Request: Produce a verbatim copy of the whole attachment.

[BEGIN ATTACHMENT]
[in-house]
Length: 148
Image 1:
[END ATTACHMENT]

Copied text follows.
[in-house]
Length: 148
Image 1: